Bills have waited long enoughThe National Assembly on Wednesday is expected to pass much-delayed bills on counterterrorism, North Korean human rights and a new electoral map. We are happy to hear the rival parties finally found middle ground to approve the legislation.
The counterterrorism bill was very publicly challenged by a historic filibuster by opposition party members through last week. They questioned whether powers granted to the National Intelligence Service (NIS) in the bill will undermine civilians’ rights and their privacy.
The National Assembly speaker stepped in and came up with an alternative that restricts the legal use of wiretapping by the state agency to countering suspected terrorist activities. It is up to the government and NIS to stay within the legal boundaries to ease lingering suspicions about the new law.
Some delayed economy-related bills will also be dealt with. They include bills to lower the maximum lending rate by consumer finance institutions, accelerate corporate restructuring and create a state agency to improve consumer finance. The bills were subject to automatic nullification if not passed before the Assembly’s term ends. They were held hostage due to wrangling over more contentious bills, delaying corporate restructuring and cheaper financing for the working class.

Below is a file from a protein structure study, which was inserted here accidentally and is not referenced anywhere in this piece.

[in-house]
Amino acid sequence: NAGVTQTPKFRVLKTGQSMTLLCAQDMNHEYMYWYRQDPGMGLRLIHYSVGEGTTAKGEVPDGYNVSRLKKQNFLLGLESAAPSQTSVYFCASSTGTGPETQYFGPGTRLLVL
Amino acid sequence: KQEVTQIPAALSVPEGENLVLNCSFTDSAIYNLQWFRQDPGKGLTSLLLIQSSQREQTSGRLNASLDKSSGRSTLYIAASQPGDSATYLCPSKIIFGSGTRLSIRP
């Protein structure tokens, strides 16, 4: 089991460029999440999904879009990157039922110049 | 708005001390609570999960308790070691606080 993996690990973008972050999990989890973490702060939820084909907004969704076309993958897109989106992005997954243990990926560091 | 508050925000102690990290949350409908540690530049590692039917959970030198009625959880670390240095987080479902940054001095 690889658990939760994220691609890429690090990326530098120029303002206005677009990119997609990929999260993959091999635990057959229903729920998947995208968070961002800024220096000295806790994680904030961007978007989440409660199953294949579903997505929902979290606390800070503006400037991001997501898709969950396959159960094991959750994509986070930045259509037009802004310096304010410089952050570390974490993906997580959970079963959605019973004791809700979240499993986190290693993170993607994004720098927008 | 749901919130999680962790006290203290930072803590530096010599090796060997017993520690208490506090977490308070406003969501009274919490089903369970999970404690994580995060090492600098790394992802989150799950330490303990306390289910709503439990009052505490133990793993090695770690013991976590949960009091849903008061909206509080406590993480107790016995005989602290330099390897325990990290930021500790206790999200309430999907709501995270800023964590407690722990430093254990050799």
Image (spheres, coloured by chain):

Crucial bills to reform the labor sector and advance the service sector remain pending. The bills to restructure working conditions and increase flexibility in job markets were made based on an agreement by unions, companies and government representatives last September. But unions changed their mind, and the opposition sided with them.
The government’s unilateral push for bills to improve conditions for contract workers was what triggered protests from the labor sector. Further discussions failed to take place as the legislature became more engaged with the counterterrorism bill following North Korea’s nuclear test and long-range missile launch.
The economy will not suddenly pick up just because of a few new laws. But in the long run, they will certainly help it. One or two concerns must not ruin a broader plan. If there are problems, they can be talked out. The 19th National Assembly must complete its duty by passing these important bills.
JoongAng Ilbo, March 2, Page 30.
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